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The Fireless Cooker

The fact that fuels are expensive and that the supply of some fuels is diminishing, makes it advisable to conserve heat. This can be done in no more satisfactory way than by means of a fireless cooker.

It has been said that future historians in summing up the great achievements of the first quarter of the twentieth century will probably name as the most important, wireless telegraphy, aviation, and fireless cookery. The fireless cooker cannot be used with all methods of cooking, but its possibilities are many.

The Principle of Fireless Cookery

In Experiment 2 it was found that wood did not transmit heat rapidly, while tin did. Another familiar illustration will show the difference between wood and metal in transmitting heat. A metal door knob feels very cold on a winter day, because the metal conducts the heat away from the hand rapidly, while a wooden knob is comfortable to touch. Wood is termed a poor conductor of heat. Metals are good conductors of heat.

Paper, hay, excelsior, sawdust, cork, wool, feathers, and many other materials are poor conductors of heat. If any hot substance is surrounded by any of these poor conducting materials, the heat of that substance is retained for some time. Also, if any cold substance is surrounded by a poor conductor, the substance remains cold. In throwing a piece of carpet or newspaper over an ice cream freezer, to prevent the ice from melting, one makes use of the latter principle.

The walls of a well-built refrigerator consist of a number of layers of non-conducting materials.

To understand the principle involved in "cooking without fire," try the following:

Experiment 12: Retention of Heat

Fill 2 tin measuring cups half full of boiling water. Immediately inclose one cup of water in a paper bag or wrap paper about it so there will be considerable air space between the cup and paper. After 15 minutes, insert a thermometer into the water in each of the cups. Which is hotter? What has "kept in" the heat of the hotter water?

The fireless cooker is a device containing cooking kettles which are surrounded by some poor conductor. When food is heated thoroughly, the heat can be retained for a number of hours by placing the hot food in the fireless cooker.

In the ordinary fireless cooker it is possible to cook all foods that can be cooked in water at a temperature below the boiling point of water, i.e. simmering temperature. Another type of fireless cooker has a metallic or an enamel lining and is provided with movable stone disks. Both the stones and food are heated on a range and then introduced into the cooker in such a way that the stones are under and over the kettle of food. By this arrangement, foods can be cooked at a higher temperature than in the ordinary fireless cooker.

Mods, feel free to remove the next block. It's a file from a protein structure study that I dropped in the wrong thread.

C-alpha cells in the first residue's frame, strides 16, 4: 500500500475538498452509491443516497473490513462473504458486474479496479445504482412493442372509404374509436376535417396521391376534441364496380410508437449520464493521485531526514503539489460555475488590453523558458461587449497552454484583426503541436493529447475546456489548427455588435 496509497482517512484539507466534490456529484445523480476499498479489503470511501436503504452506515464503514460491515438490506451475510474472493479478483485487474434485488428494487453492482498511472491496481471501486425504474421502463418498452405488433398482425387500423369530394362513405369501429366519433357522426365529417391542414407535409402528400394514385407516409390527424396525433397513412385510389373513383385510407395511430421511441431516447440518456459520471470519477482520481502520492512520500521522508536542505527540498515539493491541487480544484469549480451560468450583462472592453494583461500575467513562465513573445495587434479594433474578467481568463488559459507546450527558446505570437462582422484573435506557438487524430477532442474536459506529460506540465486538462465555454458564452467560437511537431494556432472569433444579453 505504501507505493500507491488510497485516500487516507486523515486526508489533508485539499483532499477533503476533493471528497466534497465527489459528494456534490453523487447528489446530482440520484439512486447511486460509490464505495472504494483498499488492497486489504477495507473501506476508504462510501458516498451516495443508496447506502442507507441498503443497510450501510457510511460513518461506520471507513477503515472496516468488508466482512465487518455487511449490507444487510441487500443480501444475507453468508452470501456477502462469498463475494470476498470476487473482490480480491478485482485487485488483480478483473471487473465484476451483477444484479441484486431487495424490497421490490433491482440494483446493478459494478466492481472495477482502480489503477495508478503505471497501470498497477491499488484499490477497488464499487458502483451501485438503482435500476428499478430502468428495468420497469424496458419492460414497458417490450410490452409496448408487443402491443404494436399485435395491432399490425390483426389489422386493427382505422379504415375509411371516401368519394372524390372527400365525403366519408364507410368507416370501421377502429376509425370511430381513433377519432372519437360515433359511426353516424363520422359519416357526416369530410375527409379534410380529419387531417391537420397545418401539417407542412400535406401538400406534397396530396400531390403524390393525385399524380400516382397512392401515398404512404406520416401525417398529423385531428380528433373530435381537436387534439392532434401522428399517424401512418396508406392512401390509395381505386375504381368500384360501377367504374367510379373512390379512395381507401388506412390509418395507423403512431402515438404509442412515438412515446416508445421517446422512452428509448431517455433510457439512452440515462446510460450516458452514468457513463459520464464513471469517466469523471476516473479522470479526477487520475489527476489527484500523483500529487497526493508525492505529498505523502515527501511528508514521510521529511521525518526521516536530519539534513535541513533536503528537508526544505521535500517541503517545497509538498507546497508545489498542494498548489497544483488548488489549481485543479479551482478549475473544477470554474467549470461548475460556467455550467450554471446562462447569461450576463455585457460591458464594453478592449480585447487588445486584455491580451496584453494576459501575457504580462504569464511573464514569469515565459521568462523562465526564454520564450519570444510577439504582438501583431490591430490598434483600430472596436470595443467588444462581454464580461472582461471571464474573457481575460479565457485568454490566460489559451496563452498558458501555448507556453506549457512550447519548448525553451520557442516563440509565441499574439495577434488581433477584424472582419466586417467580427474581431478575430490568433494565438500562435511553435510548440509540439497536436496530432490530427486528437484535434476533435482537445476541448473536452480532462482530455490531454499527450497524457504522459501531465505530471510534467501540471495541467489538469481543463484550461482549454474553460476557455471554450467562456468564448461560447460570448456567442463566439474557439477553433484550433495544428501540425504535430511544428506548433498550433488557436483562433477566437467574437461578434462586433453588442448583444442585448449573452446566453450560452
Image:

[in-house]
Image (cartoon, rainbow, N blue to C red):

There are also electric fireless cookers. Such cookers are equipped with a heating element which is placed in the bottom of the insulated box. With these it is not necessary to heat the food before placing it in the cooker. The uncooked food is put into the cooker and the current turned on. By means of a clock arrangement the current may be cut off when the desired length of time of heating has passed.

The principle of the fireless cooker is used on some of the modern gas and electric ranges. The walls of the ovens of these ranges are surrounded by insulating materials. When an oven is heated and has reached the desired temperature, the gas or electricity is cut off, but the baking temperature is retained for some time. The top burners of some gas ranges have a fireless cooker attachment in the form of an insulated hood. The food is first heated over the burner, then the hood is lowered over the food, and the gas is cut off. The food continues to cook, however, by the retained heat.


School and Home Cooking (1920).


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